She made the most beautiful bride. For privacy reasons I can’t share pictures, but just take my word for it. The wedding was small and intimate with just the closest of friends and family. My Granddad flew back to London especially for the wedding, to watch the first of his 21 grandchildren get married (if he keeps that up for the next 20 grandkids then his air miles are going to be insane!). It was the first wedding in our family in 10 years and it was pretty damn special.
So often Asian weddings are not about the happy couple. Instead, it turns into a matchmaking event where the focus is on all the singletons in the room, followed by an excited phone call the next morning from an ‘auntie‘ who noticed that “so-and-so looked beautiful” and wouldn’t she make a great match for her neighbour’s friend’s second cousin? As the eldest granddaughter, everyone automatically assumed I would be first in line to get married. That’s just the way it works in Asian circles. There were probably a few surprised faces when people learned it was actually my cousin (who is three years younger than me) who walked down the aisle first.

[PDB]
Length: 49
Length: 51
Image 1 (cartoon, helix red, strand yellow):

It’s a rare experience in our adult lives for us to think, “Oh, I’ve never had this food before!” But the childhood memories I have of that novel sensation survive for good reason.
I remember the first time I tried popcorn. I didn’t like it much so I fed it to the fish in the lake. I also remember the sweet, tangy sensation of my first sip of lemonade. But neither of these compares to the first time I tried the best breakfast food known to humans: Pancakes.
I know it sounds ridiculous, but I didn’t have pancakes until I was four-years-old. Seriously. My family emigrated from India to the US around that time and prior to that, breakfast food had simply meant eggs with toast, cereal, or aloo puri.
Amman, Jordan – 1998
I joined my family in the dining room, noticing immediately that there were no chairs at the table. Where did they go?
Pondering, I became distracted by the center of the dining table, mesmerized by a massive, round dish, called sider, towering with rice and lamb. It was time to feast. Everyone took their spots surrounding the sider, waiting to begin.